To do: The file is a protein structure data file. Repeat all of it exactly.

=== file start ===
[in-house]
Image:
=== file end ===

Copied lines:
[in-house]
Image: